As the complexity of nursing practice continues to explode at unprecedented rates, our graduate nurses who are entering the nursing profession are required to function with a high degree of autonomy and clinical decision making skills. Bridging the gap between the classroom and clinical practice has never been more important for nurse educators to explore.
Freestanding simulation centers total an estimated $200,000 to $1.6 million for start-up costs and at least $15,000 for annual maintenance. This enormous cost can leave organizations looking for creative ways to balance the budget.
Compared to other types of assessment and evaluation, clinical evaluation is, by its very nature, subjective. Achieving some measure of objectivity, reliability, and validity in the process of clinical evaluation presents a real challenge.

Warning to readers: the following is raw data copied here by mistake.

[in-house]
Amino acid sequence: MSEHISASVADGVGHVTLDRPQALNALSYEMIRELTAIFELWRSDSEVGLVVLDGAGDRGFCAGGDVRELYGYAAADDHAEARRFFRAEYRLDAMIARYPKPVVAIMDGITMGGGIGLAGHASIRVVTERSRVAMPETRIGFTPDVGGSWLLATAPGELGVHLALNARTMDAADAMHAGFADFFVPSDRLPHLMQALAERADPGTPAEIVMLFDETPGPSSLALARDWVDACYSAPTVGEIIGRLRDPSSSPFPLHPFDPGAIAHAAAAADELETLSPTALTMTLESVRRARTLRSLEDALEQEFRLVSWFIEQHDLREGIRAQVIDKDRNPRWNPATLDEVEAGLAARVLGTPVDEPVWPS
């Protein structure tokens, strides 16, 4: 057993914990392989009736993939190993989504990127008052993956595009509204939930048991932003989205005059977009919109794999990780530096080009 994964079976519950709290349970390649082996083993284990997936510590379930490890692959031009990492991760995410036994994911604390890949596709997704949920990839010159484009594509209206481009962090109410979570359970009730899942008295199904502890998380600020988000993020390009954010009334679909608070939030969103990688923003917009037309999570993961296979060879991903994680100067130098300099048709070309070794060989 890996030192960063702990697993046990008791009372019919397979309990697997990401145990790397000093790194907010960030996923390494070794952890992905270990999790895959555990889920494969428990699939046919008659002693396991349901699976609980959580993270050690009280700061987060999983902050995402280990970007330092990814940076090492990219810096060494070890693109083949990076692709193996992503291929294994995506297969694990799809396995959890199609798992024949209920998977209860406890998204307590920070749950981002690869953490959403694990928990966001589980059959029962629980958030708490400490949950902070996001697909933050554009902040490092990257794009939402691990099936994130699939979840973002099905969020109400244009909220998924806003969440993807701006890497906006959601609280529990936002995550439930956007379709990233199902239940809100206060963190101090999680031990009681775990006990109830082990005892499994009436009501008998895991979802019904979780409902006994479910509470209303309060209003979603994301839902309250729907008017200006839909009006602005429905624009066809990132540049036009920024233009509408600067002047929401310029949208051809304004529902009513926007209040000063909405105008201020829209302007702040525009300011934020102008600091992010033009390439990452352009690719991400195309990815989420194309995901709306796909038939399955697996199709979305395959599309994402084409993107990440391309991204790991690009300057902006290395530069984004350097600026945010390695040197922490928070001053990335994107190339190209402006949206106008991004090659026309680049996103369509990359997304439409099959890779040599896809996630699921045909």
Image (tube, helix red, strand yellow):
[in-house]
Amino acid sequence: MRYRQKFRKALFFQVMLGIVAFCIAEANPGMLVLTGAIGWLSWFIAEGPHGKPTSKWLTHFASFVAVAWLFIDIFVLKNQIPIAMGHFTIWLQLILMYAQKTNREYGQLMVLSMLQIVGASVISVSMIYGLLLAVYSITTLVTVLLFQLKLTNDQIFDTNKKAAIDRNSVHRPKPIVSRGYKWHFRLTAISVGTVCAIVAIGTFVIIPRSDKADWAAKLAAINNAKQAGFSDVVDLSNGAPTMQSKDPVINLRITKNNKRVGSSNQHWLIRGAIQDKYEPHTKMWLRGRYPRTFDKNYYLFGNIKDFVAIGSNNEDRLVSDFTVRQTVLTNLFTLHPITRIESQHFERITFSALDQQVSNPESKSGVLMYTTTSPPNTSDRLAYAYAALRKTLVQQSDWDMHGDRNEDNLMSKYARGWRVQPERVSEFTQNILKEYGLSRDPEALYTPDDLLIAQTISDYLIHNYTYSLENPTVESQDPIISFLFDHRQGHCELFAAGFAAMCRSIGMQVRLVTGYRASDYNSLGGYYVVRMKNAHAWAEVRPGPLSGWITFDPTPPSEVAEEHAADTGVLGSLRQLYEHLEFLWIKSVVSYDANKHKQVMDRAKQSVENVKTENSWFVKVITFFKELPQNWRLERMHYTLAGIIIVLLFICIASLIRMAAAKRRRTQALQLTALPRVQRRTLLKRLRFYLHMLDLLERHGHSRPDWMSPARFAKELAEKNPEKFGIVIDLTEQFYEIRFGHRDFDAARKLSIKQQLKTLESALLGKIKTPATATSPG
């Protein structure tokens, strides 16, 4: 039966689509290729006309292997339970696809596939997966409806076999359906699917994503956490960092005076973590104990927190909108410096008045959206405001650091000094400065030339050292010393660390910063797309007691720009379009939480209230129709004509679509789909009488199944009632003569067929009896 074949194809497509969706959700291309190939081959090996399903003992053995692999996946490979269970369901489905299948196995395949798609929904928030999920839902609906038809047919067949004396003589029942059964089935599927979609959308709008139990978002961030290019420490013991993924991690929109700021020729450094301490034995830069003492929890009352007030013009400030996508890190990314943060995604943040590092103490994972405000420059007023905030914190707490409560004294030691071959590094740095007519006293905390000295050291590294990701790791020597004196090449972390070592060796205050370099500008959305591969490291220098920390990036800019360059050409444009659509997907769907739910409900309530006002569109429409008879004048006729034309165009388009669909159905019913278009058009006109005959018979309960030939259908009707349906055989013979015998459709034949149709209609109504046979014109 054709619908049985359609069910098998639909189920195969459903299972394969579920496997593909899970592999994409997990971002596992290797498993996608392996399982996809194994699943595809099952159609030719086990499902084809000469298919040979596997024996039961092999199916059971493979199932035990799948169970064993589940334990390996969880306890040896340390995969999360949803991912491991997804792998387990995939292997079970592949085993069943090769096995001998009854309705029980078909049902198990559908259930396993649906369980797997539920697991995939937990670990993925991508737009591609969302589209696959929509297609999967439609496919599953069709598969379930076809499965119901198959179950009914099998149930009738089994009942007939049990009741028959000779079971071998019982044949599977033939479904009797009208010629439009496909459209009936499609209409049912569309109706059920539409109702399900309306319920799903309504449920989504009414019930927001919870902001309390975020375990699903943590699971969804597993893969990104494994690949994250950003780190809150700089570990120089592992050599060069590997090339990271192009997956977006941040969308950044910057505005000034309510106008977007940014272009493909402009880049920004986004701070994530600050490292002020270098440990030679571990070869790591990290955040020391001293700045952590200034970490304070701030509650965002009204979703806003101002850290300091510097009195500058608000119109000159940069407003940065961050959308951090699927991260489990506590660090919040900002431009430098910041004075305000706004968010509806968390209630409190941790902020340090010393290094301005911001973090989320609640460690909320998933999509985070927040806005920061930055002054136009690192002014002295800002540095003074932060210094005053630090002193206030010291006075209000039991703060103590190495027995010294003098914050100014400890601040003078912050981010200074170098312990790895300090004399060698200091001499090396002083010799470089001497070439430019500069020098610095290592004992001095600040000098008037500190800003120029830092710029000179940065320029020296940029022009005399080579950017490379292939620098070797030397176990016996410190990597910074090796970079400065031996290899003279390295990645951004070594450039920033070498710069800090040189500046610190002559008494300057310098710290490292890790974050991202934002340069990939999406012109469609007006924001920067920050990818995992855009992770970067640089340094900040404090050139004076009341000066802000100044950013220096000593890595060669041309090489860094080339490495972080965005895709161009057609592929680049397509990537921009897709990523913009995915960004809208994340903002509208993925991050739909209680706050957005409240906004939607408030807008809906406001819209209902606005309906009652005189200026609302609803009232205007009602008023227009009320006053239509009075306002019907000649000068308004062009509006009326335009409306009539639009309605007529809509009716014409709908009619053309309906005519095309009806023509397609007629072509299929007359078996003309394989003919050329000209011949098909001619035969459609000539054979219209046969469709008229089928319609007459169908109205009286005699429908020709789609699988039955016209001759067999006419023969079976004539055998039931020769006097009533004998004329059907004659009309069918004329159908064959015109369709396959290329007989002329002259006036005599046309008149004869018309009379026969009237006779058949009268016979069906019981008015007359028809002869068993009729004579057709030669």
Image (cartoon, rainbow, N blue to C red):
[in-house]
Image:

Even with the new, updated version of the Standards of Best Practice: SimulationSM, it is clear that there is an ongoing need for education on implementation. You may be wondering why that is so.
Academia to Bedside is a four-part series that focuses on the transition of nursing students from education to their professional role. Part 4 focuses on the role of the Nurse Educator.
Academia to Bedside is a four-part series that focuses on the transition of nursing students from education to their professional role. Part 3 focuses on the role of the Nurse Educator using technology (simulation) to help transition from the classroom to the bedside.
Nursing leaders agree that active, contextual learning leads to positive student outcomes and professional success. Simulations are ideal for helping students experience how health care works in context Students do not learn from just textbooks and lectures...